ties there — sort of hushed vocals, maybe attention for more guitardriven stuff, or they may be just saying that because we both have beards,” he said and laughed. In any event, Fitzsimmons is prouder of his show than ever. He refuses to do any complacent work while on tour, in which the audience might feel as if it wasn’t an honest performance. “If I wanted to just play music for people, I could just walk up there and put my CD in a stereo,” he said. “I want people, if they decide to come to the show, I want them to actually feel something deeply.”

The Daily Iowan - Iowa City, Iowa - Thursday, April 28, 2011 - 5B

80 hours for more arts and culture


Poems of darkness & light A Writers’ Workshop graduate will return to Iowa City for a poetry reading at Prairie Lights today. By ERIC HAWKINSON


Chicago rock band Company of Thieves will play at the Blue Moose on Friday.

From the wizard to a gamble Chicago rock band Company of Thieves will perform at the Blue Moose on Friday. By RILEY UBBEN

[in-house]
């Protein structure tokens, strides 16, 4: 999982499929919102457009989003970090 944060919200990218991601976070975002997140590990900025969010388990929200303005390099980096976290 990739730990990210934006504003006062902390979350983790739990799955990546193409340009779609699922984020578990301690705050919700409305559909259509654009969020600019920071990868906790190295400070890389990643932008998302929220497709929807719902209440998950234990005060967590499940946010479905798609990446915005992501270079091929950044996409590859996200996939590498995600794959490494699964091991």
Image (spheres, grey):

The powerful, fiery voice of the rock band Company of Thieves doesn’t bring to mind “Somewhere over the Rainbow.” But according to vocalist Genevieve Schatz, that’s where her music career started. “I saw The Wizard of Oz when I was about 2, and I was just arrested by Judy Garland in that movie,” she said. “It really touched me, and I’ve been singing since then.” Company of Thieves will perform with the Envy Corps at 8 p.m. Friday at the Blue Moose, 211 Iowa Ave. Admission is $10. Schatz’s taste in music eventually expanded to punk, ska, and of course, the Beatles, a band, she said, that she and guitarist Marc Walloch first bonded over. The two were introduced by a mutual friend on a train in Chicago, and they immediately got to know each other. “The train was crowded, so we had to sit together and just talk about music,” she said. “After that, we started to hang out once a week. We would watch old movies, listen to the Beatles, and we kind of just started to write a bunch of songs over time.” Starting out as an acoustic act, Shatz and Walloch used open-mike nights in Chicago coffee shops for their initial gigs. The two developed a following in the singer/songwriter community, which inspired them to add two more members to the band as well as put together an album. “When we had our CD release show for [our first record] in May of 2007, we sold out the Beat Kitchen in Chicago,” she said. “I think that was a big moment for us, because we kind of did everything backwards. We made an album before we ever did our first show [as a full band].” The group’s unconventional